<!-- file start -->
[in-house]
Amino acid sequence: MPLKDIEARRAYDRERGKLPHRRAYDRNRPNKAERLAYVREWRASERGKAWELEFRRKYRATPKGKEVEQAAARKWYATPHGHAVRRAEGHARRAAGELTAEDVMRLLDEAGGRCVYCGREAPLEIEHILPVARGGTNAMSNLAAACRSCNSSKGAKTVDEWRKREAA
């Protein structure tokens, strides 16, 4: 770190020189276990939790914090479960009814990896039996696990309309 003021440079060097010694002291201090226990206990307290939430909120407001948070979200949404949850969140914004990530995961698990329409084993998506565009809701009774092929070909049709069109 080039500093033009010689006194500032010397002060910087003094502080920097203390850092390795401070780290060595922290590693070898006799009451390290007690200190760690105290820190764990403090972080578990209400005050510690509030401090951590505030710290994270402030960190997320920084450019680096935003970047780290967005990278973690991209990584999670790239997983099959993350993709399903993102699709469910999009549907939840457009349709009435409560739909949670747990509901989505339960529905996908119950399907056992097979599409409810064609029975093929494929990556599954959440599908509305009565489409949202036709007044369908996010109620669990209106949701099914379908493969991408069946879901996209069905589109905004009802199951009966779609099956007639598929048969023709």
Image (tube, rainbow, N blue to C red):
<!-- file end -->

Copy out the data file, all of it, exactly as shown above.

[in-house]
Amino acid sequence: MPLKDIEARRAYDRERGKLPHRRAYDRNRPNKAERLAYVREWRASERGKAWELEFRRKYRATPKGKEVEQAAARKWYATPHGHAVRRAEGHARRAAGELTAEDVMRLLDEAGGRCVYCGREAPLEIEHILPVARGGTNAMSNLAAACRSCNSSKGAKTVDEWRKREAA
């Protein structure tokens, strides 16, 4: 770190020189276990939790914090479960009814990896039996696990309309 003021440079060097010694002291201090226990206990307290939430909120407001948070979200949404949850969140914004990530995961698990329409084993998506565009809701009774092929070909049709069109 080039500093033009010689006194500032010397002060910087003094502080920097203390850092390795401070780290060595922290590693070898006799009451390290007690200190760690105290820190764990403090972080578990209400005050510690509030401090951590505030710290994270402030960190997320920084450019680096935003970047780290967005990278973690991209990584999670790239997983099959993350993709399903993102699709469910999009549907939840457009349709009435409560739909949670747990509901989505339960529905996908119950399907056992097979599409409810064609029975093929494929990556599954959440599908509305009565489409949202036709007044369908996010109620669990209106949701099914379908493969991408069946879901996209069905589109905004009802199951009966779609099956007639598929048969023709």
Image (tube, rainbow, N blue to C red):